Article by Twisted
Sometimes, we’re all willing to spend any amount of money on pizza. Speaking from personal experience, there are occasions when economic sense and expediency go straight out the window when there’s the prospect of eating something hot and cheesy.
However, even though we all know the sense of disappointment after overspending on a takeaway, one man is streets ahead when it comes to ill-advised pizza ordering.
Laszlo Hanyecz apparently has no regrets after spending 10,000 Bitcoin on pizza (Credit: Alamy/pizza)
Man spends £2.6bn of Bitcoin on pizza
In a surprisingly candid series of statements, early Bitcoin adopter Laszlo Hanyecz revealed he has “no regrets” after spending the equivalent of £2.6bn in virtual currency on pizza.
Back in 2010, Hanyecz penned a now-notorious advert on the website bitcointalk.org. In the ad, he wrote: “I’ll pay 10,000 bitcoins for a couple of pizzas. Like maybe 2 large ones so I have some left over for the next day. I like having leftover pizza to nibble on later.
“You can make the pizza yourself and bring it to my house or order it for me from a delivery place, but what I’m aiming for is getting food delivered in exchange for bitcoins where I don’t have to order or prepare it myself, kind of like ordering a ‘breakfast platter’ at a hotel or something, they just bring you something to eat and you’re happy!”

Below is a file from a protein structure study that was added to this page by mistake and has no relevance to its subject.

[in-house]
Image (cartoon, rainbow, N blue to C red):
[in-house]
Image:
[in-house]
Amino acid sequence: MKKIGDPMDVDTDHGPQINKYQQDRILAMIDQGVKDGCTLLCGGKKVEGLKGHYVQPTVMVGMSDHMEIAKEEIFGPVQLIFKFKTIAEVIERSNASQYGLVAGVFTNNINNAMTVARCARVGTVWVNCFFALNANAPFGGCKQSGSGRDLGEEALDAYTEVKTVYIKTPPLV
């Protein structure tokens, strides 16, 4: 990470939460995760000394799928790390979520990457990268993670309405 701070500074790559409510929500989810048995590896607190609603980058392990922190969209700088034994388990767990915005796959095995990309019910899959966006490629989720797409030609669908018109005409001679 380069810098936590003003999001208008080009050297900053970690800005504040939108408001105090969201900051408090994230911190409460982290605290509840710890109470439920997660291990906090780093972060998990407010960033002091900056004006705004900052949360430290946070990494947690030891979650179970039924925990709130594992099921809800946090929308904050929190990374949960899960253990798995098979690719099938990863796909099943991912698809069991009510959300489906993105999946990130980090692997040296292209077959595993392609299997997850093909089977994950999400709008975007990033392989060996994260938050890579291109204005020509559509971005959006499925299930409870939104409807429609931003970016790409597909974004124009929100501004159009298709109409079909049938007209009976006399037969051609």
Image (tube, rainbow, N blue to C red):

Many consider the transaction to be the first physical deal involving the digital currency.
However, what Hanyecz could not have predicted was how Bitcoin would inflate in value. While his 10,000 coins were worth about £29 back in 2010, today they would be worth an astonishing £267.2million as it is written on this bitcoin revolution review.
In fact, Hanyecz himself has gone on to estimate that he spent around $3.7bn (£2.6bn) of Bitcoin on pizza before the currency exploded.
Rarely has hindsight been more painful.
The value of Bitcoin has exploded since 2010 (Credit: Alamy/Robert Hoetink)
Bitcoin Pizza Day
The transaction is now so notorious in Bitcoin circles, that it has its own special celebration day. Bitcoin Pizza Day is held every May both in honour of the currency’s entry into the real world, and as a reminder of Hanyecz’s oversight.
However, the unfortunate story doesn’t end with Hanyecz’s pizza habit. The man on the receiving end of the transaction, then-student Jeremy Sturdivant, also missed out on a huge windfall.
According to The Independent, Sturdivant told a reporter in 2018: “I had no idea how huge it would become… If I had treated it as an investment, I might have held on a bit longer.
“I would never have thought that the same number of bitcoin would have a purchasing power on the order of real estate.”
Pizza and travel might seem like tempting options, but the price can sometimes be higher than you think.